Yes, if you have any Salesforce customers at all.
For three reasons:
First, if you have any happy Salesforce customers at all, you should at least get a few good leads from the event. If your product is $5 a month, that may not be enough to go ROI positive. But if your product is $25k a year, it may pay for itself almost right there with just one closed customer.
Second, it’s a great, and important, way and time to meet your existing customers. This is even more important than leads. So many Salesforce users come to Dreamforce. How many of your existing customers have you actually met? You can meet them there face-to-face for the first time. Or reconnect in person. You don’t “meet” people on the phone. It isn’t the same.
That’s reason enough for startups right there. But when you get bigger, you’ll also find:
Three, it’s a great time to close prospects. As you get bigger, a lot of your prospects will be at Dreamforce. It’s hard to meet them all, or at least, meet them again, before the deal closes. Schedule a meeting. You don’t need a booth for this. But it will help. Once you get big, this will be much more important than generating raw new leads.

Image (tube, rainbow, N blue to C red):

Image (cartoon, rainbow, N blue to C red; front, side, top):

Now, if you have no Salesforce customers at all … that’s more of a gamble. Many start-ups have “launched” their Salesforce integrations and editions at Dreamforce. We did. But the ROI may be indirect, or much longer, here. It’s a gamble. Go for it though, I say. There is only one Dreamforce.
So finally, I don’t think the real question is doing the smallest booth or not. If you have Salesforce customers, you should do it. The more complex question is how much of a bigger booth to think about. The $25k option is very small. I think my learning is if you are a true start-up, it’s good enough. If you want your prospects to see you as a market leader, then, it probably isn’t.